Bacurau film posterCREDITS
Directors/Writers Kleber Mendonça Filho and Juliano Dornelles; Cinematographer Pedro Sotero; Starring Bárbara Colen, Thomas Aquino, Silvero Pereira, Udo Kier, Sônia Braga; Length 132 minutes.
Seen at home (Mubi streaming), London, Thursday 26 March 2020.

Holy Motors (2012)

Much of my week themed around films I’ve seen on Mubi will be films, like this one, which are no longer watchable there because of their 30 day turnaround on everything (a new film every day, with only 30 films on the platform at any one time). However, I believe they give a sense of what’s available; at the end of last year for example they did a month of the decade’s classics, which is where I caught up with today’s film.


So, undoubtedly, I slept on this one. Despite making many best-of lists (for the year and now the decade), it sounded from what I heard initially like some kind of oneiric puzzle box of a film, a state-of-the-nation type disquisition perhaps, or some kind of grand folly (in which, after all, Carax has form), but I loved Pola X (1999) so I’m surprised I put this off. It does indeed follow its own strange logic, suggesting both every filmmaker’s favourite topic — a film reflecting on its own creation and the creative impulses of art itself — and something more intangible perhaps: a sense of the world and of shifting identities within it. On a single viewing at home, I can’t really hope to make sense of it all, but it’s a film that clearly contains many readings within it, a dense allusory text (not just to Eyes Without a Face but the presence of Édith Scob and that mask is certainly the clearest of all the film’s tips of the hat) and a magisterial visual style. It could of course be empty — and there are undoubtedly flourishes in there just for he hell of it, for pure fun — but this doesn’t feel like cinematic magic for its own sake, and Denis Lavant in himself has such an expressive register that you can’t imagine the film made with anyone else.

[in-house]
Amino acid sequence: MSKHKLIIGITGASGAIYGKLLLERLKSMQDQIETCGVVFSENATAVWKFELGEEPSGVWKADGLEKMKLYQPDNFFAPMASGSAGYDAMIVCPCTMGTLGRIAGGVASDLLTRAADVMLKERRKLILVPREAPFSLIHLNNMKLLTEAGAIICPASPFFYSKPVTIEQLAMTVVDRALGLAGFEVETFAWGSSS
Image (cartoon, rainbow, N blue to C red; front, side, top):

Holy Motors film posterCREDITS
Director/Writer Leos Carax; Cinematographers Caroline Champetier and Yves Cape; Starring Denis Lavant, Édith Scob, Eva Mendes, Kylie Minogue; Length 116 minutes.
Seen at home (Mubi streaming), London, Friday 3 January 2020.

American Psycho (2000)

If there’s one thing that Netflix is most commonly criticised for, it’s the relentless focus on the new. If you want old films generally you go to other places, like the Criterion Channel or TCM (if you’re in North America), or Mubi, or even Amazon Prime. Still, you can sometimes find some vintage classics on Netflix, and that’s the film I’m covering today, because yes the year 2000 is now a good 20 years’ away in time. I should mention, as an aside, I have not read nor at this point would I read the original novel on which this was based; it has its adherents, but I don’t think I need to welcome the voice of Mr Ellis into my life.